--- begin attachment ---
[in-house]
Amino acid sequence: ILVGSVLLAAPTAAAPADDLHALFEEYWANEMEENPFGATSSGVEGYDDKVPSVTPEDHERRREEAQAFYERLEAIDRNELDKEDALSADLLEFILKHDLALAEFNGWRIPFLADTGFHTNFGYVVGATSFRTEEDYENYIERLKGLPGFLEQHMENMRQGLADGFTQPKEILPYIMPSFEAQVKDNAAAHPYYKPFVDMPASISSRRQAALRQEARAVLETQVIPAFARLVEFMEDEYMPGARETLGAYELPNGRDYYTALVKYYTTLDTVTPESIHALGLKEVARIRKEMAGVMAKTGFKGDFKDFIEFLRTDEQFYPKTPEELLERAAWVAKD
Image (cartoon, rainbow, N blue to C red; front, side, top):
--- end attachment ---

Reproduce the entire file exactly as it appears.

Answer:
[in-house]
Amino acid sequence: ILVGSVLLAAPTAAAPADDLHALFEEYWANEMEENPFGATSSGVEGYDDKVPSVTPEDHERRREEAQAFYERLEAIDRNELDKEDALSADLLEFILKHDLALAEFNGWRIPFLADTGFHTNFGYVVGATSFRTEEDYENYIERLKGLPGFLEQHMENMRQGLADGFTQPKEILPYIMPSFEAQVKDNAAAHPYYKPFVDMPASISSRRQAALRQEARAVLETQVIPAFARLVEFMEDEYMPGARETLGAYELPNGRDYYTALVKYYTTLDTVTPESIHALGLKEVARIRKEMAGVMAKTGFKGDFKDFIEFLRTDEQFYPKTPEELLERAAWVAKD
Image (cartoon, rainbow, N blue to C red; front, side, top):